As always, the rules are just one page long and come in multiple languages, like Spanish, French, German, etc.). It takes 5 minutes to learn, just like the other versions.

This is an expansion, not a standalone game, so you need a copy of either Ticket To Ride or Ticket To Ride - Europe (which provide the train cards, scoring markers, and plastic trains) in order to play.
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38 of 38 people found the following review helpful
on January 3, 2013
To start, I am an avid Ticket To Ride player, playing mostly on my iPad. I'm pretty familiar with the game and strategy. I'll assume you're familiar with the basic game as well and try to highlight the differences.

The Africa expansion throws most previous strategy out the window because of the introduction of Terrain Cards. These cards allow you to double the point value of any train you build. So, for instance, if you're too busy trying to complete the most destination tickets, you may get beat by someone who has half as many, but was strategically doubling their train points.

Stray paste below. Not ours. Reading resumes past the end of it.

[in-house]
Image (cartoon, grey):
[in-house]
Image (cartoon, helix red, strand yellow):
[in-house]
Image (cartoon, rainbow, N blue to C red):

You'll be forced to re-think all your strategy.

Also, I've noticed that this board is significantly more competitive. I've seen more tempers flare up with this map in the few times I've played it than I have combined with all the other maps. This is primarily because of the way the board is set up.

If you look at the board you'll notice that the center is almost all primarily single trains. So if an opponent takes a route you had your eye on, you're forced to abandon your plan and rethink everything. More than any other map, this will make you have to look for one particular ticket color rather than having many options open.

I still have yet to nail down a strategy, but here are some things that have worked for me and may help you to a quicker start:

+ Get key routes sooner rather than later. You cannot afford to wait in this map.
+ Only use terrain cards to double the 4-6 train routes.
+ Start with 2 destination tickets and get ambitious later.